November 8, 1864 (Tuesday – Election Day)
Abraham Lincoln found himself alone on this dreary and rainy day. The morning cabinet meeting was attended by only two others, as most had returned to their respective states so they might vote. It was election day, and the President was in a solitary state of anxiety.
“I am just enough of a politician to know that there was not much doubt about the result of the Baltimore convention,” he said to Noah Brooks, a friend and reporter who visited him around noon, “but about this thing I am very far from being certain. I wish I were certain.”
But all certainty was swept away by the fear that he might have to leave his office with his work unfinished. Not only that, but his office would then be occupied by George McClellan, who would almost certainly establish some sort of peace with the Confederacy, very likely allowing it to become a separate country.
Sometime that morning, Lincoln’s son Tad had burst into his office, and dragged his father to the window. The Pennsylvania Bucktails, who had been acting as a body guard for the President, and were encamped on the lawn of the White House, were voting for Lincoln, and Tad wished for his father to see the spectacle.
What Lincoln noticed, however, was Jack the turkey, whom Lincoln had “pardoned” that past Thanksgiving. Jack, it turned out, was poking and pecking around the polls.
“Does he vote?” asked the President of Tad.
“No,” Tad replied. “He is not of age.”
Lincoln would joyously retell this story to anyone who might listen over the next week. But of the remainder of the day, there was still that anxiety in solitude. In this way, the afternoon bled into evening, when finally he, accompanied by his personal secretary, John Hay, splashed their way to the War Department
The returns had begun to come it via the telegraph, and it must have been hard to not become to optimistic. Lincoln was leading McClellan, though the random results were anecdotal at best.
With Secretary of War Edwin Stanton now with them, they waited with the telegraph clicking away. Lincoln had won by 10,000 votes in Pennsylvania, though the President dismissed it. But when the returns came in from Baltimore and Maryland, which had him up by 15,000 and 5,000 respectively, he exclaimed, “All Hail, Free Maryland. That is superb!” Soon came Boston, with Lincoln up by 5,000.
Through the long night, Lincoln told stories and read bits of writing from a humorist named Petroleum V. Nasby, which he carried with him in his breast pocket. Lincoln would read a few paragraphs, and the more serious and boring Secretary Stanton would silently fume.
“The idea that when the safety of the republic was thus as issue,” remembered Charles Dana, who had just joined the party, “when the control of an empire was to be determined by a few figures brought in by the telegraph, the leader, the man most deeply concerned, not merely for himself but for his country, could turn aside to read such balderdash and to laugh at such frivolous jests was, to his mind, repugnant, even damnable. He could not understand, apparently, that it was by the relief which these jests afforded to the strain of mind under which Lincoln had so long been living, and to the natural gloom of a melancholy and desponding temperament – this was Mr. Lincoln’s prevailing characteristic – that the safety and sanity of his intelligence were maintained and preserved.”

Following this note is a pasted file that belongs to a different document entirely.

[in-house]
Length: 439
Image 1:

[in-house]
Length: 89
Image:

There were also stories. After an officer entered the room, caked in mud from a fall, Lincoln recalled a previous election: “For such an awkward fellow, I am pretty sure-footed. It used to take a pretty dexterous man to throw me. I remember, the evening of the day in 1858, that decided the contest for the Senate between Mr. Douglas and myself, was something like this, dark, rainy and gloomy. I had been reading the returns and had ascertained that we had lost the legislature, and started to go home. The path had been worn hogbacked, and it was slippery. My foot slipped from under me, knocking the other one out of the way, but I recovered myself and lit square; and I said to myself: ‘It’s a slip and not a fall.'”
But tonight was hardly a slip. By midnight, when the group finally took supper, Pennsylvania, all of New England, Maryland, Ohio, Indiana, Michigan, and Wisconsin were for Lincoln. It would be another two days before he would learn the fate of his own Illinois. But with the states already gathered, it was safe to call the election for Lincoln.
Those few awake enough to remain, congratulated him, though he remained collected. He was, he said, “glad to be relieved of all suspense.” He was grateful that the people had cast their lot with him and the war.
Around 2:30am, they were serenaded by a band. Soon after, with a touch more certainty then he had when he arrived at the War Department, the President left, returned to the White House.
This return did not go unnoticed, and soon a crowd had gathered, playfully demanding a speech. Lincoln could not disappoint:
“If I know my heart, my gratitude is free from any taint of personal triumph. I do not impugn the motives of any one opposed to me. It is no pleasure to me to triumph over any one, but I give thanks to the Almighty for this evidence of the people’s resolution to stand by free government and the rights of humanity.”1
- Sources: Washington in Lincoln’s Time by Noah Brooks; Recollections of the Civil War by Charles Anderson Dana; Letters of John Hay by John Hay. [↩]